THE HOUSE APPROPRIATIONS Committee yesterday re-
jected a measure that would tack a June 1 deadline on all U.S.

Laos
.By THOM MARLOWE
@Pacific News Service
Vientiane, Laos - "What's
happening in Laos?" a curious
Vientiane-bound traveller asked
his companion.
"Who knows?" was the reply.
They are not the only ones in
the dark. For -the 800,000 to one
million refugees - approximate-
ly one-third of the country's
populationh - logic in Laos is a
Certainly, to thousands of
people who used to live on the
Plain of Jars life seems a good
deal less than reasonable. They
are now living in a dusty arid
area less than 30 miles from
Vientaine, administrative capi-
tol of the Royal L aotian Gov-
board shacks.
These refugees were evacuat-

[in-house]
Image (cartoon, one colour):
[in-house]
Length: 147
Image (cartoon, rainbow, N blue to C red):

ed from their homes more than
Lao soldiers, undera theaegi of
the U.S., and were promised
farmland and food until the
first crop would be harvested.
In addition, they were told,
their Pathet Lao-issued money
would be exchanged for Govern-
ment iKips when they got to
Why then, many ask, will
there be no first crop, and why
is there no suitable farmland?
And why are they still trying,
unsuccessfully, to e x c h a n g e
their Pathet, Lao money for
Kips? .
The displaced civilian popula-
tion of Laos has a slanted view
of what has happened to it, ac-
cording to Jack Williamson,
Deputy Director of Refugee Re-
national Development (US -D)
"A lot of them feel they are-
being lpicked on," Williamson
mainUSAD compound in Vien
tiane. They feel that they are
the only ones being pushed
around. They don't see the
whole picture or understand the
picture throughout Southeast
Asia."
On the whole, though, U.S.
officials are reluctant to discuss
the refugee problem. Some re-
fuse to admit that a problem
exists.
A common complaint of the
refugees is that they were
bombed out of their villages.

refuge es

face

perils

NAPALM DROPPED by U.S. planes burned this Laotian child, according to Fred Branfman, a